“In this large-scale experiment, we repeated perturbations across a gradient of soil textures to inform restoration practitioners of differences in the relative resilience of shrubland occurring on different soil types to common rangeland restoration practices,” she says.

“On each soil type, we compared the relative ability of the shrubland state to withstand chemical and mechanical brush-control treatments, commonly employed in this study region, to untreated controls. While the shrubland community composition did not differ prior to the study, its capacity to absorb and recover from brush removal treatments depended on soil type.

“By looking at the trajectory of the plant community following brush management techniques across different soil types, we were able to identify the resilience of shrub communities on certain soils to those management efforts,” Wonkka says.

Knowing the resilience of shrub communities on different soils will allow land managers to determine where to invest the time and money on brush management in order to get the most out of their expenditure, Rogers says.

The study was funded by the Wintergarden Groundwater District, with West as the principal investigator. West was studying how different brush management strategies influenced groundwater recharge of the Carrizo-Wilcox Aquifer.

“We were able to set up on a private ranch and look at how different treatments affected not only groundwater recharge but also at the plant community dynamics and how they responded to the various management practices,” Rogers says.

To test for differences in resilience to treatments across soils, they selected three soil types common in the study area that represented a range of soil textures from fine clays to coarse sands: Antosa-Bobillo sand, Webb fine sandy-loam soils and Chacon clay-loam soils. Three pastures were identified that included each of the three soil types.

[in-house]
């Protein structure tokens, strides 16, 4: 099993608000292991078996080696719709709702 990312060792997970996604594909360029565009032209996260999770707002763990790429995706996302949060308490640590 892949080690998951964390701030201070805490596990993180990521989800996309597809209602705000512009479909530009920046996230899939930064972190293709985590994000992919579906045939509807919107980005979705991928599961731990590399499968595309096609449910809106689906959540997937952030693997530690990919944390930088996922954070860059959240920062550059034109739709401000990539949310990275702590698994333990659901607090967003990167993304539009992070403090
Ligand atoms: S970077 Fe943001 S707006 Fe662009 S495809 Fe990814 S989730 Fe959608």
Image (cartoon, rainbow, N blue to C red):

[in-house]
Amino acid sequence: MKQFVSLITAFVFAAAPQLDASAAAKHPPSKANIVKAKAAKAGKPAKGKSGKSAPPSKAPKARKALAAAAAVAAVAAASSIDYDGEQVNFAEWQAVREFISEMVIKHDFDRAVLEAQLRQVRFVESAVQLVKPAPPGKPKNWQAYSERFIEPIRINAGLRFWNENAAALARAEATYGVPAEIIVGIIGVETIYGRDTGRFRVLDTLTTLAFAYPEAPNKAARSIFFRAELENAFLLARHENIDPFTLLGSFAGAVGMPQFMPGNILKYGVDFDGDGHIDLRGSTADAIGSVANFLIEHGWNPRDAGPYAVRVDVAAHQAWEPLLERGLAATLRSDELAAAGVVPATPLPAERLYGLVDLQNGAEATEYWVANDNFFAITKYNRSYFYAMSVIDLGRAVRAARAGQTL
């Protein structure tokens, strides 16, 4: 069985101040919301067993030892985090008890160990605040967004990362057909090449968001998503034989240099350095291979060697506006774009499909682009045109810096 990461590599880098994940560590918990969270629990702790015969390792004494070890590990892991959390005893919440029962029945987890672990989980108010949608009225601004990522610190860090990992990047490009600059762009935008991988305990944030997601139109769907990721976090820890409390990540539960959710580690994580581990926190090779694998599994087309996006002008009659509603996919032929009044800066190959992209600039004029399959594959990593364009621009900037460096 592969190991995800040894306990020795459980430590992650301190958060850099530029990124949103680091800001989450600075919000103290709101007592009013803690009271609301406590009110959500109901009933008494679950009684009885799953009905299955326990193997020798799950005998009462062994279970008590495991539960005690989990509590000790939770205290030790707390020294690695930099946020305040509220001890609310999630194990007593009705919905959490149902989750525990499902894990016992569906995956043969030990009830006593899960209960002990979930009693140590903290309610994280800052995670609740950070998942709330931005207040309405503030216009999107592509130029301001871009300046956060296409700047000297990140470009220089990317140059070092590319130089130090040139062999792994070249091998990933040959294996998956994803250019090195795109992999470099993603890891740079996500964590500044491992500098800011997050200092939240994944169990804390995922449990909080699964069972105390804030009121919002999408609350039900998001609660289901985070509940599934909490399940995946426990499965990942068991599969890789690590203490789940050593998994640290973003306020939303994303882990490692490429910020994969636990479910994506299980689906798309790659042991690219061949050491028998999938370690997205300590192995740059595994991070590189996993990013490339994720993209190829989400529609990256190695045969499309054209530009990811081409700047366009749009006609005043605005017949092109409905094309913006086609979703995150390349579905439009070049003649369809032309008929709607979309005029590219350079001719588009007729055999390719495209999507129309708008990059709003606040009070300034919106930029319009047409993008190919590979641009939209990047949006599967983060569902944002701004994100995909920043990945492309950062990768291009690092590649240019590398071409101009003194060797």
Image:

Brush-control methods were randomly assigned to plots within each pasture or soil combination and completed in early spring 2011. This resulted in a randomized complete block design with three brush removal treatments: control, cut-herbicide and mechanical (replicated twice in each pasture-soil combination). In control treatments, no brush removal occurred.

The results showed brush removal is more effective at restoring grasslands in shrub communities on fine-textured clay soils than on coarse-textured sandy soils, which are more resistant to brush removal techniques.

“Shrubland resilience to chemical and mechanical brush removal was highest on coarse soils,” Wonkka says. “On these soils, brush removal temporarily restored grassland dominance, but woody plants quickly regained pretreatment levels of dominance.

“However, shrublands on fine soils did not recover following treatments, continuing to be grass-dominated for the duration of the study.”

Wonkka said this study highlights a simple approach for prioritizing restoration actions by mapping the locations of different soil attributes that support shrub-dominated areas with differing levels of resilience to brush control.

“We believe this study will provide scientific insights that will translate into management improvements that will help rangeland restoration and eventually food production,” Rogers says.  end mark

The full research study can be found at Ecological Applications - Shrubland resilience varies across soil types.

For more information, Email Bill Rogers or call (979) 845-0317.

Kay Ledbetter is a communications specialist at Texas A&M AgriLife Research. Email Kay Ledbetter.